The New York Times collaborator and Travel expert Freda Moon said on October 2009, that “Mazatlán’s Old Town was spry again”…
On a cool Friday night at a sidewalk cafe in Plazuela Machado, in the center of Mazatlán’s old town, a wedding party of well-dressed Mazatlecos greeted each other with kisses and toasts. They clinked glasses of imported wine, the women wobbling on high heels, the men looking on.
Across the plaza a few hours earlier, the layered rhythms of música folklórica erupted from the city’s Municipal Arts Center. Those horns and drums had been replaced by the wedding band’s jazz saxophone and bass.
Music is everywhere in the Centro Histórico, the resurrected arts district and architectural marvel of this city on Mexico’s west coast. So are galleries, sidewalk cafes and that illusive, prized product of a cosmopolitan city: the so-called creative class — artists, actors, writers, musicians, designers, hipsters, foodies and fashionistas.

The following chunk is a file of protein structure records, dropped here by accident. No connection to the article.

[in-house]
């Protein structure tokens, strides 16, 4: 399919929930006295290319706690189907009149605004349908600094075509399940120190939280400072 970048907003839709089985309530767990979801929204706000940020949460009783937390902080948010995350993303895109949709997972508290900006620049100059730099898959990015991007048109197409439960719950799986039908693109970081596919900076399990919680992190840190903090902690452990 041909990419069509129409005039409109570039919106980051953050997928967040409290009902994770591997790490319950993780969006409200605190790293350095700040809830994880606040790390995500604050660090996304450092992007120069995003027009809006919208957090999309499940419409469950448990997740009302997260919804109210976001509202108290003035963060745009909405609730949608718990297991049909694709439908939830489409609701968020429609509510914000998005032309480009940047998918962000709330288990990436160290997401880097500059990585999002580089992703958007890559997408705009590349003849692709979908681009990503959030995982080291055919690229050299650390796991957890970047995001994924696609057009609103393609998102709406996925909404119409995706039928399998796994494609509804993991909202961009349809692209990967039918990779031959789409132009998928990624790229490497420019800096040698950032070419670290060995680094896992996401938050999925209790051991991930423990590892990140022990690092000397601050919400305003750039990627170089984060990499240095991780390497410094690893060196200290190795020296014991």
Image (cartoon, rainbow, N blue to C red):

Around the plaza are the broad porches and tall ceilings of neo-Classical homes, freshly repainted in tropical colors and restored to an approximation of their previous grandeur. A few houses down, though, there are similarly grand edifices in a state of decay so advanced they hardly seem salvageable.
Behind one set of unhinged and rotting wooden shutters, trees from the patio have grown through the roof. Vines climb the walls and bricks clutter the floor. The remains of domestic life — a television, a bookshelf, a typewriter — are damaged but intact. It’s as if the family that had lived there fled for Mazatlán’s suburbs and their subdivisions too quickly to pack their things.